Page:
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Well there you go- wbeedee tossed in his opinion, and having owned a Burgman 400S, I can tell you the short wheel base and small wheels was unsettling in panic stops. I added the big Kuryakyn floorboards, so I have plenty of place to move around my big size 14's. Since DCT means NO MANUAL SHIFTER on the left side, i have lots of room to stretch out.
 

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I have a knee and ankle that act as barometers. I can force them to move when cold but I can tell in 20 years it will be an irritation (20+ years of martial arts!).

Coming from scoots and driving far too much in urban traffic, I love the dct. You can shift when needed, but don't have to be bothered otherwise.

I would try both versions. I'm short so I took the fairing version, no storage.
 

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Hi Everyone.

I haven't bought a CTX (or NC700) yet but want to do so before Spring arrives in N.Central IL. Been eyeballing the CTX700N and NC700X since last summer but have been on the fence about DCT or Manual.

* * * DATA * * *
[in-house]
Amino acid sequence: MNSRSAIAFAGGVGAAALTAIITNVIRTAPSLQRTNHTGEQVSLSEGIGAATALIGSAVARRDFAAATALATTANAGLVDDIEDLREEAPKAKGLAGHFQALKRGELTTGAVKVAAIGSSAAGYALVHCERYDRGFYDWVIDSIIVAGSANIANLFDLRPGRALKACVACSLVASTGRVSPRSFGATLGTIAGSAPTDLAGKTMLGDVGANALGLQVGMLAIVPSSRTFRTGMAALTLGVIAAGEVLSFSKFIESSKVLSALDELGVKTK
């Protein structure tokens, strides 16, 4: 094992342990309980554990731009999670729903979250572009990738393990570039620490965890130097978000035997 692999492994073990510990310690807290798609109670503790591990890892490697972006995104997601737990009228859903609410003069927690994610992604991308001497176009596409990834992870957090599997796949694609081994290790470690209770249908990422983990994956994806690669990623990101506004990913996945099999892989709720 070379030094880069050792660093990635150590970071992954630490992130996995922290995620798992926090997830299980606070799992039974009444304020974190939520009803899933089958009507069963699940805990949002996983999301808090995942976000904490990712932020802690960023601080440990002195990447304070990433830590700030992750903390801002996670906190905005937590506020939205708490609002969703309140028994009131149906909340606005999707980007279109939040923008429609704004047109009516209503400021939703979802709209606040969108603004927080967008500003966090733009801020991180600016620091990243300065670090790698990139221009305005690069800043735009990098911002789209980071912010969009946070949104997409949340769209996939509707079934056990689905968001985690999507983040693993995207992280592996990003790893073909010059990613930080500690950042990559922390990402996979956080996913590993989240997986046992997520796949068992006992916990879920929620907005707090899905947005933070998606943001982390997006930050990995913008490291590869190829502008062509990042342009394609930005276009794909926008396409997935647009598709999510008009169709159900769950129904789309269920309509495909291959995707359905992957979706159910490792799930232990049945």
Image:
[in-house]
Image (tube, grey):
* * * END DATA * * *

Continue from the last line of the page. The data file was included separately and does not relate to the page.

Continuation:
IMO Plus points for each:
NC700X - upright seating, its a Honda, storage bin, economy, and appearance.
CTX700N - knee angle (>90 degrees), its a Honda, economy, and appearance.

A little background: both knees are basically shot from a spirited youth (44 now), damaged hip, and my left ankle isn't as flexible as it use to be. T-bone accident did in the hip and ankle a decade ago. 5'11" 33" inseam. Rides last anywhere from an hour commute to 6 hours cruising around.

Here's where I get stuck to make a decision: knee angle and stop N go traffic performance at stop signs.

Knee angle: My knees really don't like being bent in a sport bike position (<85 degree angle) for very long (less than an hour). I can ride my scooter all day long with only minor aches in the knees (about 90 degree angle). So, I'm wondering if NC700X would have a good knee angle? Sit-on trial at the dealer is not long enough to tell.

StopNGo: To decide if DCT is right or not would boil down to stopNgo type traffic found at stop signs with long lines. (I've got several of these on my commute.) Speeds barely reaching 3mph then stop, rinse and repeat. My scooter is annoying, in that the engine revs to 2k before the clutch grabs enough to move me (on a long hill) and feels a little like I'm popping the clutch on a manual transmission. The question for this is, What is the DCT performance like in this traffic condition? Does it *pop* into gear? Or is the transition smooth from a stop? How well is the transmission modulated (auto-shift between first-neutral-first) at speeds below 5 mph?

Any help or insight would be very much appreciated. If you need more info, please feel free to ask. Cheers!